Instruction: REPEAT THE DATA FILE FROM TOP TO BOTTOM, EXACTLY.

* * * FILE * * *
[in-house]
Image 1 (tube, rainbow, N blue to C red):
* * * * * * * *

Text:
[in-house]
Image 1 (tube, rainbow, N blue to C red):